Traffic detours implemented this semester at the University of Maryland to accommodate Purple Line construction makes it difficult to find a parking spot in the lot most commuter students use.

Lot 1, located behind Tawes Hall and Cole Field House, is one of the largest parking lots on the campus and is reserved for students with a permit from 7 a.m. to 4 p.m. on weekdays. During the day, it can be difficult to find a spot — a problem commuters say has worsened this semester as new traffic patterns block three of the five entrances to the lot.

Union Drive is closed from Campus Drive to Championship Lane to allow for construction, blocking one entrance to Lot 1. Presidential Drive usually ends in Lot 1, but that entrance is also blocked by construction. Campus Drive has two entrances to Lot 1, one of which is also currently inaccessible.

“Lot 1 is just genuinely … a disaster,” said Trevor Norton, a senior government and politics major who commutes from Anne Arundel County.

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The same number of cars trying to enter the parking lot with fewer entrances causes extensive traffic congestion at the two remaining entrances during campus’ peak hours of operation, according to commuter students.

Tracey Ho commutes from Anne Arundel County and said the entrances to Lot 1 tend to be backed up, especially on rainy days. Ho said the construction is “confusing” and limits her visibility of other cars and pedestrians.

“It’s kind of scary. I have to be very wary,” the sophomore biochemistry major said.

Construction in the middle of parking lot 1b on Mar. 4, 2023. (Taneen Momeni/The Diamondback)

A construction zone in the center of the lot also blocks three rows of parking spots, forcing all traffic onto Alumni Drive, which runs parallel to the lot. Students must cross Alumni Drive to get to the campus once they park in Lot 1. Many pedestrians choose to jaywalk instead of trekking to one of the two crosswalks found on opposite ends of the lot.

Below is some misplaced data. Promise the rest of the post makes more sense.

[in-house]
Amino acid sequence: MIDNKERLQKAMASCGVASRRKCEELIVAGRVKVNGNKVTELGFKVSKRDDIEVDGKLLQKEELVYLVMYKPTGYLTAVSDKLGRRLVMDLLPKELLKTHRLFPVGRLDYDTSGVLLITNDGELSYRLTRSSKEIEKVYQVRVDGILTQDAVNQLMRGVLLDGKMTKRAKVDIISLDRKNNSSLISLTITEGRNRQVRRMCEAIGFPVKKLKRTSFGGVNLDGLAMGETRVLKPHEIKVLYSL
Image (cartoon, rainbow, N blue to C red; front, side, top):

“You’re about to hit a student the entire time [you’re driving in the lot],” Norton said.

The Purple Line construction on the campus is expected to continue at least through 2024, though the Purple Line itself will not be operational until 2026. The extent of construction limits options to alleviate traffic in some cases, the university said in a statement. The university will continue to explore pedestrian and motor vehicle detours throughout construction, according to the Department of Transportation Services.

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Grace Conley, a sophomore public health science major, lives in the Courtyards apartment complex and drives to the campus every day. She said this semester, she has learned to leave home at least half an hour before she has to be in class because of traffic.

“I have a hard time finding a single open spot anywhere,” Conley said.

Norton also said he leaves his house earlier than he did last semester because he often struggles to find a parking spot. He understands the need for construction, but said he’s frustrated that the adjusted traffic patterns were not announced until after he purchased his parking permit.

A year-long commuter student permit costs $362, and a spring semester commuter permit costs $181. The last day a student could request a full refund for a spring semester parking permit was Jan. 24, one day before the semester started. The last day a student could request a partial refund for a spring parking permit was Feb. 28.

“I think everyone is just pissed off that we’re paying more for what we feel is less,” Norton said.